Can you see why 2 by 2 could be 5? Can you predict what 2 by 10 will be?

Hover your mouse over the counters to see which ones will be removed. Click to remover them. The winner is the last one to remove a counter. How you can make sure you win?

This 100 square jigsaw is written in code. It starts with 1 and ends with 100. Can you build it up?

This task, written for the National Young Mathematicians' Award 2016, involves open-topped boxes made with interlocking cubes. Explore the number of units of paint that are needed to cover the boxes. . . .

Imagine a pyramid which is built in square layers of small cubes. If we number the cubes from the top, starting with 1, can you picture which cubes are directly below this first cube?

In how many ways can you fit two of these yellow triangles together? Can you predict the number of ways two blue triangles can be fitted together?

You have 4 red and 5 blue counters. How many ways can they be placed on a 3 by 3 grid so that all the rows columns and diagonals have an even number of red counters?

A tetromino is made up of four squares joined edge to edge. Can this tetromino, together with 15 copies of itself, be used to cover an eight by eight chessboard?

A magician took a suit of thirteen cards and held them in his hand face down. Every card he revealed had the same value as the one he had just finished spelling. How did this work?

What is the smallest cuboid that you can put in this box so that you cannot fit another that's the same into it?

In a square in which the houses are evenly spaced, numbers 3 and 10 are opposite each other. What is the smallest and what is the largest possible number of houses in the square?

How can the same pieces of the tangram make this bowl before and after it was chipped? Use the interactivity to try and work out what is going on!

Building up a simple Celtic knot. Try the interactivity or download the cards or have a go on squared paper.

What is the best way to shunt these carriages so that each train can continue its journey?

Take a rectangle of paper and fold it in half, and half again, to make four smaller rectangles. How many different ways can you fold it up?

How many different triangles can you make on a circular pegboard that has nine pegs?

Here you see the front and back views of a dodecahedron. Each vertex has been numbered so that the numbers around each pentagonal face add up to 65. Can you find all the missing numbers?

Can you make a 3x3 cube with these shapes made from small cubes?

Exchange the positions of the two sets of counters in the least possible number of moves

A dog is looking for a good place to bury his bone. Can you work out where he started and ended in each case? What possible routes could he have taken?

How can you arrange the 5 cubes so that you need the smallest number of Brush Loads of paint to cover them? Try with other numbers of cubes as well.

Swap the stars with the moons, using only knights' moves (as on a chess board). What is the smallest number of moves possible?

10 space travellers are waiting to board their spaceships. There are two rows of seats in the waiting room. Using the rules, where are they all sitting? Can you find all the possible ways?

How many DIFFERENT quadrilaterals can be made by joining the dots on the 8-point circle?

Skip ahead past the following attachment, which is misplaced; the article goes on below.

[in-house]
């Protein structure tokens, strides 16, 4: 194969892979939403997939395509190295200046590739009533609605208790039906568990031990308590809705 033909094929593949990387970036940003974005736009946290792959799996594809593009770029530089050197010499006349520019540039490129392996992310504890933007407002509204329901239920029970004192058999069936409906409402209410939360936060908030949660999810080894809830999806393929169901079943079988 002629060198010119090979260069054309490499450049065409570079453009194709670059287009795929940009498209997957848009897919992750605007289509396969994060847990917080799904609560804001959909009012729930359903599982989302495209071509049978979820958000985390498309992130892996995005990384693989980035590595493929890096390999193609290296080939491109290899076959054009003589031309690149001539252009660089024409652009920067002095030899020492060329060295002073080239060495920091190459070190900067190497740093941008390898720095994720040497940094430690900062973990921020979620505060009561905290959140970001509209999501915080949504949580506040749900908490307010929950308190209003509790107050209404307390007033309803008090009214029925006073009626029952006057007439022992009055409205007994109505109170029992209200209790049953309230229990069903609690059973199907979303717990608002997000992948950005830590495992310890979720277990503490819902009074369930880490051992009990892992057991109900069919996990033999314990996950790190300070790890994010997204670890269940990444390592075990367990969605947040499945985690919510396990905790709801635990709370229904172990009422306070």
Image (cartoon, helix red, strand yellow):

Can you shunt the trucks so that the Cattle truck and the Sheep truck change places and the Engine is back on the main line?

Imagine a wheel with different markings painted on it at regular intervals. Can you predict the colour of the 18th mark? The 100th mark?

Cut four triangles from a square as shown in the picture. How many different shapes can you make by fitting the four triangles back together?

Design an arrangement of display boards in the school hall which fits the requirements of different people.

An extension of noughts and crosses in which the grid is enlarged and the length of the winning line can to altered to 3, 4 or 5.

A game for 2 players. Given a board of dots in a grid pattern, players take turns drawing a line by connecting 2 adjacent dots. Your goal is to complete more squares than your opponent.

Can you work out how many cubes were used to make this open box? What size of open box could you make if you had 112 cubes?

Investigate how the four L-shapes fit together to make an enlarged L-shape. You could explore this idea with other shapes too.

This article for teachers describes how modelling number properties involving multiplication using an array of objects not only allows children to represent their thinking with concrete materials,. . . .

Can you fit the tangram pieces into the outlines of the watering can and man in a boat?

Can you fit the tangram pieces into the outline of Little Ming playing the board game?

Can you fit the tangram pieces into the outline of this telephone?

What happens when you turn these cogs? Investigate the differences between turning two cogs of different sizes and two cogs which are the same.

Which of these dice are right-handed and which are left-handed?

Can you fit the tangram pieces into the outline of Little Ming?

Can you fit the tangram pieces into the outline of Granma T?

Can you fit the tangram pieces into the outlines of the workmen?

Can you fit the tangram pieces into the outline of Little Ming and Little Fung dancing?

In each of the pictures the invitation is for you to: Count what you see. Identify how you think the pattern would continue.

Can you fit the tangram pieces into the outlines of the candle and sundial?

Use the interactivity to listen to the bells ringing a pattern. Now it's your turn! Play one of the bells yourself. How do you know when it is your turn to ring?

Can you fit the tangram pieces into the outline of Little Fung at the table?

Can you fit the tangram pieces into the outlines of Mai Ling and Chi Wing?

Can you fit the tangram pieces into the outlines of these people?